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expostulations with his injurious host, who yet dismisses him better provided for the ease of his journey than he found him. Perhaps this officiousness was out of desire to make some amends for this late seducement. It is a poor recompense when he hath betrayed his life, and wronged the soul, to cast some courtesies upon the body.
The old Bethelite, that had taken pains to come and fetch the man of God into sin, will not now go back with him to accompany his departure. Doubtless he was afraid to be inwrapped in the judgment which he saw hanged over that obnoxious head. Thus the mischievous guides of wickedness leave a man, when they have led him to his bane; as familiar devils forsake their witches, when they have brought them once into fetters.
The man of God returns alone, careful, no doubt, and pensive for his offence, when a lion out of the wood meets, assaults, and kills him. O the just and severe judgments of the Almighty, who hath brought this fierce beast out of his wild ranges into the high way, to be the executioner of his offending servant! Doubtless this prophet was a man of great holiness, of singular fidelity, else he durst not have been God's herald to carry a message of defiance to Jeroboam, king of Israel, in the midst of his royal magnificence; yet now, for varying from but a circumstance of God's command, though upon the suggestion of a divine warrant, is given for a prey to the lion. Our interest in God is so far from excusing our sin, that it aggravates it : of all others the sin of a prophet shall not pass unrevenged.
The very wild beasts are led by a providence; their wise and powerful Creator knows how to serve himself of them. The lions guard one prophet, kill another, according to the commission received from their Maker. What sinner can hope to escape unpunished, when every creature of God is ready to be an avenger of evil ? The beasts of the field were
made to serve us, we to serve our Creator. When we forsake our homage to him that made us, it is no marvel if the beasts forget their duty to us, and deal with us not as masters, but as rebels. When a holy man buys so dearly such a slight frailty, of a credulous mistaking, what shall become of our heinous and presumptuous sins ?
I cannot think but this prophet died in the favour of God; though by the teeth of the lion, his life was forfeited for example, his soul was safe ; yea, his very
was left, though torn, yet fair, after those deadly grasps; as if God had said, I will only take thy breath from thee, as the penalty of thy disobedience : a lion shall do that which an apoplexy, or ferer might do. I owe thee no further revenge than may be satisfied with thy blood.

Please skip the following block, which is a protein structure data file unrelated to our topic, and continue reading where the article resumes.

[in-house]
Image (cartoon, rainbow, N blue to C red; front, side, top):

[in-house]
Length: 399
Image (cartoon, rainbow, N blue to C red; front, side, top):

Violent events do not always argue the anger of God; even death itself is to his servants a fatherly castigation.
But, О the unsearchable ways of the Almighty ! the man of God sins, and dies speedily; the lying prophet that seduced him survives; yea, wicked Jeroboam enjoys his idolatry, and treads upon the grave of his reprover. There is neither favour in the delay of stripes, nor displeasure in the haste ; rather whom God loves he chastises, as sharply, so speedily, while the rest prosper to condemnation : even the rod of a loving father may draw blood. How much happier is it for us, that we die now to live for ever, than that we live a while to die ever!
Had this lion set upon the prophet for hunger, why did he not devour as well as kill him ? why did he not rather kill the beast than the man, since we know the nature of the lion such, that he is not wont to assail man, save in the extreme want of other prey? Certainly the same power that employed those fangs restrained them, that the world might see, it was not appetite that provoked the beast to this violence, but the over-ruling command of God.
Even so, O Lord, thy powerful hand is over that roaring lion, that goes about continually seeking whom he may devour ! thine hand withholds him, that though he may shed the blood of thine elect, yet he cannot hurt their souls : and while he doth those things which thou permittest, and orderest to thy just ends, yet he cannot do lesser things which he desireth, and thou permittest not.
The fierce beast stands by the carcass, as to avow his own act, and to tell who sent him, so to preserve that body which he had slain. O wonderful work of God! the executioner is turned guardian ! and, as the officer of the Highest, commands all other creatures to stand aloof from his charge, and commands the fearful ass, that brought this burden thither, not to stir thence, but to stand ready pressed, to re-carry it to the sepulchre: and now, when he hath sufficiently witnessed to all passengers, that this act was not done upon his own hunger, but upon the quarrel of his Maker, he delivers up his charge to that old prophet, who was no less guilty of this blood than himself.